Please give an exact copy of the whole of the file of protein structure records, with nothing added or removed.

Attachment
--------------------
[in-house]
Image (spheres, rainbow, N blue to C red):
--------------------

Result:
[in-house]
Image (spheres, rainbow, N blue to C red):